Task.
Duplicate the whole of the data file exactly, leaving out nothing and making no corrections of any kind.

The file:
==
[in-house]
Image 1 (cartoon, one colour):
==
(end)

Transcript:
[in-house]
Image 1 (cartoon, one colour):